File name handling

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When you are creating your GEAR disc project, you need to consider the types of players or computer drives and operating systems that will be used to read the disc you are making. CD-Audio discs do not have a file system, so you don't have to be concerned with file names. CD-Audio discs simply have tracks containing digital audio. A CD-Audio disc has subcode which includes a timecode, as well as track and index numbers. CD-Audio discs have a table of contents (TOC) in the lead-in (a section at the start of the disc). The table of contents tells the player the starting timecode of each audio track.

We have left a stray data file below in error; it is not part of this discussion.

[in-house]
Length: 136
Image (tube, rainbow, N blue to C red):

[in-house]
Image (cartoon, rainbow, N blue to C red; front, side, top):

CD-ROM titles can use either the ISO or UDF file system. In general, if a system supports UDF, and it is present on a disc, the UDF file system will be used instead of the ISO file system.

Windows 95/98/NT/2000/XP recognizes the ISO-9660 file system, plus Joliet extensions which allows for filenames up to 64 characters. Windows 98 SP2, ME, NT, 2000 and XP support the UDF file system, which allows for files larger than 4 GB, as well as long file names. Unix and Linux systems will generally support ISO-9660, as well as Rockridge extensions for long file names. Modern Unix or Linux systems will have UDF drivers to support the UDF file system. For data tracks only, you can determine how and when non-ISO file and directory names are translated with the File Name handling buttons. You can change the default setting in menu under the 'Project/Current Track Properties/Files and Directories' tab. See the File and Directory Naming section in Appendix D for more information on ISO standards.

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